12. Hans Se Kop
Accompanied by trail guide, cycling coach and former professional mountain biker Lance Stephenson, Bicycling tackled the majestic Hans se Kop climb in Grabouw.
The colossal mountains that border the small town of Grabouw are known to strike fear into the legs of mountain bikers from all over the world. Groenlandberg and Nuweberg are two such peaks – riders of the Absa Cape Epic will know them well; but today, we’re headed to a lesser-known but equally difficult climb: Hans se Kop.
Hans se Kop is the only accessible summit in the Western Cape that provides 360-degree vistas of the greater Cape Town area and the Overberg region. The views from the top are unlike anything you’ve ever seen in this country, and it could easily pass for one of the monolithic Hors catégorie climbs of the Tour de France. Again, Europe springs to mind – is this France? Or Switzerland? The distant view of Table Mountain reaffirms that in actual fact, we’re in Africa.
Joining me today is Lance Stephenson. I’ve known Lance for years. We first met when I was a student, helping with deliveries at Omnico Importers. Lance was a pro mountain biker for the GT Team at the time, and we quickly became friends, partly due to our shared (and twisted) sense of humour. He’s done it all – including running the highly successful Epic Bike Shop, before deciding to take up coaching for Daisyway Coaching Systems. He’s also a trail guide. There isn’t anyone more at home in this region than Mr Stephenson himself; he knows every rock, stone and bush. And rightfully so – this his back yard and his playground, after all. This morning we’re headed for an amazing adventure that will take in more than 1 000m of vertical gain, before dropping into the singletrack network of the A-Z trails.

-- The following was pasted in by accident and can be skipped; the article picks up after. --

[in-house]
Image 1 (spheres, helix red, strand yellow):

Hans se Kop has to be one of the Cape’s best-kept secrets. A lot of riders reckon the Tokai Mast climb is one of the toughest and most rewarding ascents in the country, but I beg to differ. There are many variables that make Hans tougher – such as the extreme fluctuations in temperature and wind velocity. Today the weatherman has predicted a maximum of 33°C, but right now it’s freezing outside. Well; for
What I like about the place is the diversity it offers: you can do a long, tough climb, and then head straight into more technical rocky trails. And then there are the exquisite views…
– AARON BORRILL, BICYCLING ONLINE EDITOR
me, that is – Lance doesn’t look the least bit perturbed. His Game of Thrones-like appearance, complete with flowing locks and rugged beard, is obviously geared to these conditions: it’s 6°C in the valley, and the chill from the thick blanket of mist filling the valley like cotton wool is quite… intense. But our lensman Desmond Louw is ready to roll, and we’ll soon meet the warmth of the sun. I hope.
The singletrack that leads to the start of the climb was once covered in pine trees, but all that remains is a lunar-like landscape. The scent of pine needles that once filled the air is long gone, replaced instead by the thick aroma of charred bush and tree stumps – the aftermath of a fire that rampaged through the region not so long ago. While the pine trees were never going to be here forever (they were due for harvesting, after all), they added a sense of drama to the singletrack fun. But despite the desolation, the landscape remains majestic, offset by grey soil and blackened vegetation.